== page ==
Thanks in part to two stabilizing characteristics.

Image by Gerd Altmann from Pixabay

What is money?

Money is anything that many within a given society believe can be conveniently and safely used to store and transfer wealth with each other, today and in the future.

For a money to transfer wealth, it must store some positive amount of wealth. Or more specifically, many must believe that this money stores some positive amount wealth, both today and tomorrow, or why would they exchange goods and services for it?

Preferably, but not a requirement, is that this money stores about the same amount of wealth today and tomorrow; that its wealth storage capacity is relatively stable in the short term. This characteristic makes it a better money.

Was bitcoin a money when first launched on January 3, 2009? No, because at that time bitcoins had no value, they stored no wealth. And if bitcoins did not store any wealth, they could not be used to transfer wealth. Bitcoin, with its handful of users, was stuck in a circular zero-value loop.

Until May 21, 2009, when 10,000 bitcoins were exchanged for two Papa John pizzas. This private exchange established the first positive price of bitcoin, albeit an exceptionally low price. A milestone, but not that important as two individuals really do not make a market.

A more significant milestone was achieved when the first bitcoin exchange, Mt. Gox, began operation in July of 2010. As flawed as it eventually was, Mt. Gox for the first time established a bitcoin price based on the actual market supply and demand for bitcoin, even if the market was relatively small.

Then Silk Road happened.

Launched in February 2011 by Ross Ulbright, (also known as “Dread Pirate Roberts” from The Princess Bride…), Silk Road was an online market where users were able to anonymously sell and buy mostly illegal merchandise. While the usage of the Tor browser could hide one’s IP address, an anonymous as possible method of remote payment was desired, which at the time was bitcoin.

(Silk Road. https://en.wikipedia.org/wiki/Silk_Road_(marketplace)

While Silk Road was shut down by the FBI in October 2013, during its over two years of operation bitcoin served a useful purpose, the mostly anonymous and totally trustless transfer of wealth, establishing widespread market demand for bitcoin. Combined with its inherent limited supply, and to the surprise of many, bitcoin was now a financial asset with value.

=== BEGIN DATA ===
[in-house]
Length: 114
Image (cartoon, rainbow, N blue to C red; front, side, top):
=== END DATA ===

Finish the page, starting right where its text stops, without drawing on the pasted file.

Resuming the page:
During this two-year period, the price of bitcoin increased from $1 to over $150.

The bitcoin genie was out of the bottle. Now that many accepted that bitcoins stored wealth, they could be used to transfer wealth. And because bitcoins could reliably and efficiently transfer wealth, they had value. Yes, this is a circular argument, but nevertheless is valid. Bitcoin became a money.

This is the first stabilizing characteristic of bitcoin. True for any sound money.

The bitcoin network relies on mining for integrity, the greater the collective mining computer power, the greater the integrity of the network, meaning the safer it is to use bitcoin to store and transfer wealth as the amount of mining increased. The safer the network, the greater the trust people will have in the network.

When bitcoin had no value, no trust was needed, as there was nothing of value to lose. But as bitcoins acquired value, as people started to use them to store and transfer wealth, more trust was required, more mining was required.

Luckily, (or I would like to think as planned), the miners reward is proportional to the value of bitcoin. As the value of bitcoin increased, there was more incentive to mine, meaning that as the value of bitcoin increased, the greater the integrity of the network. Which led to an increase in the value of bitcoin, another circular argument.

This is the second stabilizing characteristic of bitcoin, one unique to cyber-currencies.

It also helps that since its initial launch the bitcoin network has performed flawlessly. There have been poorly designed exchanges, and no shortage of users losing their private keys, but the network itself has not lost or misappropriated any bitcoins. It has been mathematically perfect.

Bitcoin is not a particularly good payment system, but only the most ardent naysayers can continue to deny that bitcoin is not a money, an alternative to gold, Using bitcoin, wealth can be transferred remotely, securely and without the overhead of a trusted third party.

Want to learn more?

www.WTHisAnEconomy.com

Eric Johnson is a husband, father, engineer, pilot, surfer, investor and amateur astronomer who has read a lot of books on economics.